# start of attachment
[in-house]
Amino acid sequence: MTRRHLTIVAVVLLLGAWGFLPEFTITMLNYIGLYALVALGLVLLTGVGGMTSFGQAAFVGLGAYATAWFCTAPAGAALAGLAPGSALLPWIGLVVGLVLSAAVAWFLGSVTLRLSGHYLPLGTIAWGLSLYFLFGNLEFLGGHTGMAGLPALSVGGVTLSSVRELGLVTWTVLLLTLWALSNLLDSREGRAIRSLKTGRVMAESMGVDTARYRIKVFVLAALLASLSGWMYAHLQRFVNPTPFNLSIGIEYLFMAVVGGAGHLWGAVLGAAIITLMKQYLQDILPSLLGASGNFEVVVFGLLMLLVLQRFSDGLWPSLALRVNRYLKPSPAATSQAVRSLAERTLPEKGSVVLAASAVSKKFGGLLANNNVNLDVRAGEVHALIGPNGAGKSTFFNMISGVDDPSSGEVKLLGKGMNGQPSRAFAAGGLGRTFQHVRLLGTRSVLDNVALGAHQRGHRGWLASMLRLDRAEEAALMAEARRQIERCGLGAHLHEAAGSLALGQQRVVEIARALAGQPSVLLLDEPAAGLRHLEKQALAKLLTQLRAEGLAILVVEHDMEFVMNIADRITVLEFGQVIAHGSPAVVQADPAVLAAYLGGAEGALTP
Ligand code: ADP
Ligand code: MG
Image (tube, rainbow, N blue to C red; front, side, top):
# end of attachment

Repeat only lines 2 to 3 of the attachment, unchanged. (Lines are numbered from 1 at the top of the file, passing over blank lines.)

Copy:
Amino acid sequence: MTRRHLTIVAVVLLLGAWGFLPEFTITMLNYIGLYALVALGLVLLTGVGGMTSFGQAAFVGLGAYATAWFCTAPAGAALAGLAPGSALLPWIGLVVGLVLSAAVAWFLGSVTLRLSGHYLPLGTIAWGLSLYFLFGNLEFLGGHTGMAGLPALSVGGVTLSSVRELGLVTWTVLLLTLWALSNLLDSREGRAIRSLKTGRVMAESMGVDTARYRIKVFVLAALLASLSGWMYAHLQRFVNPTPFNLSIGIEYLFMAVVGGAGHLWGAVLGAAIITLMKQYLQDILPSLLGASGNFEVVVFGLLMLLVLQRFSDGLWPSLALRVNRYLKPSPAATSQAVRSLAERTLPEKGSVVLAASAVSKKFGGLLANNNVNLDVRAGEVHALIGPNGAGKSTFFNMISGVDDPSSGEVKLLGKGMNGQPSRAFAAGGLGRTFQHVRLLGTRSVLDNVALGAHQRGHRGWLASMLRLDRAEEAALMAEARRQIERCGLGAHLHEAAGSLALGQQRVVEIARALAGQPSVLLLDEPAAGLRHLEKQALAKLLTQLRAEGLAILVVEHDMEFVMNIADRITVLEFGQVIAHGSPAVVQADPAVLAAYLGGAEGALTP
Ligand code: ADP